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DJ Jaffe


Health Care Reform Keeps Mentally Ill Uninsured

Posted: 09/24/09 10:54 AM ET

In answer to a question in Portsmouth, New Hampshire, President Obama publicly unequivocally asserted his desire to include treatment for mental illness as part of healthcare reform. And he has mobilized public opinion against the discriminatory practices of private insurers.  But when it comes to discrimination against the mentally ill, the federal government’s own program puts private insurers to shame. And Obama has yet to support the one bill, H.R. 619, that could fix it.

 Hello, Mr. President,…(M)y question is if every American who needed it has access to good mental health care, what do you think the impact would be on our society?

A: THE PRESIDENT: Well, (applause), mental health has always been undervalued in the health insurance market. And what we now know is, is that somebody who has severe depression has a more debilitating and dangerous illness than somebody who's got a broken leg. But a broken leg, nobody argues that's covered. Severe depression, unfortunately, oftentimes isn't even under existing insurance policies.

So I think -- I've been a strong believer in mental health parity, recognizing that those are serious illnesses. (Applause.) And I would like to see a mental health component as part of a package that people are covered under, under our plan. Okay? (Applause.)

I wish it were “Okay”.  Private insurers have largely ended discrimination against the mentally ill due to the passage of the Mental Health Parity Act of 2007. It forbids large group health plans from imposing treatment or financial limitations on mental health benefits that are different from those applied to medical or surgical services. That’s parity.

But for individuals with serious and persistent mental illnesses like schizophrenia, employer based insurance is largely irrelevant because employment is often impossible due to the severity of their illness.  

For the severely mentally ill, unable to get employment--and the insurance that comes with it; or afford private insurance that would discriminate against them anyway, Medicaid remains their only safety net. And it’s a shameful failure.

Medicaid, with some technical exceptions, refuses to cover long-term treatment for the mentally ill ages 18 to 64. If you have a disease or illness in any organ other than the brain, and need long-term care, Medicaid pays. But if the illness is in your brain, Medicaid does not. It’s an obscure provision called the “Institutes for Mental Disease (IMD) Exclusion.”

This is government-sanctioned discrimination against the mentally ill. The effects of refusing to reimburse for long term care have been horrendous and Obama should eliminate the IMD Exclusion now.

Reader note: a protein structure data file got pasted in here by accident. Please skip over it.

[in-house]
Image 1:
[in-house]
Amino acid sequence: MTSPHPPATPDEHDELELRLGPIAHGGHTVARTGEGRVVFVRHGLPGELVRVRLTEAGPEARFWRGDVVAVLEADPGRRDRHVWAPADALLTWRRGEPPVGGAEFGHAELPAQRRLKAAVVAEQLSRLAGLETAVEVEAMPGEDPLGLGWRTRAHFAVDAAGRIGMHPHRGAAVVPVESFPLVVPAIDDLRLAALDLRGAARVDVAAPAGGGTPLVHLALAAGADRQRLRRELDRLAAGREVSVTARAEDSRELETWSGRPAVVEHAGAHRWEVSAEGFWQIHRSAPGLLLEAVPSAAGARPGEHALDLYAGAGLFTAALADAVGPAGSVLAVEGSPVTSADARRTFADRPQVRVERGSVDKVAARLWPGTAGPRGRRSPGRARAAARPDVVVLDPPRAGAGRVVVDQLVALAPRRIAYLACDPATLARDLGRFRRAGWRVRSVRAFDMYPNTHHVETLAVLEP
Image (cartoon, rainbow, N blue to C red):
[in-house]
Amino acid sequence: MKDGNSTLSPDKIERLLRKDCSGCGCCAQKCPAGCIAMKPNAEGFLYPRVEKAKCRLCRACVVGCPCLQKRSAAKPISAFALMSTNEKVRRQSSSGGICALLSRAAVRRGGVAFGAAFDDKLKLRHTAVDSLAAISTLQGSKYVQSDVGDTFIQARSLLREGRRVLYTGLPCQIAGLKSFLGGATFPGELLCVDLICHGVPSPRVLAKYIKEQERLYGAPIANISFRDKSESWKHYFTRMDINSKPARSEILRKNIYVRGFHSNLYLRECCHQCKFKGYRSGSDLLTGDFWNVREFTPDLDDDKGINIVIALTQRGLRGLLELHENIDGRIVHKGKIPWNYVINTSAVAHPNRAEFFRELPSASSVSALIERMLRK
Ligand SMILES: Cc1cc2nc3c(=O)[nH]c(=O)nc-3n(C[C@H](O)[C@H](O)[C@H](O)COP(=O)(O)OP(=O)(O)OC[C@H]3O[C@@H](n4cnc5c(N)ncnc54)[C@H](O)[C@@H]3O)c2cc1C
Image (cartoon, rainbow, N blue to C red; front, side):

According to  “The Shortage of Hospital Beds for Mentally Ill Persons,” in 1955 (ten years before Medicaid) there were 340 public psychiatric beds available per 100,000 U.S. citizens. By 2005, the number plummeted to a staggering 17 beds per 100,000 persons. Some of that is due to improved treatments, but much of it is due to states kicking patients out of long-term care—where they were Medicaid ineligible—and forcing them into communities, where states could get federal reimbursement for half the cost of their care. (Disclosure: I am on the board of Directors of the Treatment Advocacy Center, which underwrote the report, and I assisted Dr. E. Fuller Torrey, the report’s author and the world's leading voice on mental illness research and reform.)

Where did the mentally ill who were kicked out of hospitals go? Today, over 150,000 live on the streets, 231,000 individuals with severe psychiatric disorders live in jail or prison.  5,000 take their own lives every year.  Think of the money that could be saved if they were given treatment rather than the boot.

To write this wrong, and force the federal government to do what they forced private insurers to do--cover the mentally ill--Congresswoman Eddie Johnson and Representative Raj Grijalva introduced H.R. 619, which would eliminate the IMD exclusion and thereby let the government provide long-term care for those with mental illness the same way they provide long-term care for those with other illnesses. Elimination is supported by the National Association of State Mental Health Program Directors, the National Alliance for the Mentally Ill, and almost all who know the issue.

The largest and neediest group of uninsured Americans could very well be those with mental illness. If President Obama really believes in equal health care for all, he should eliminate the IMD exclusion in Medicaid law now by incorporating HR 619 in health care reform. That’s reform I can believe in.


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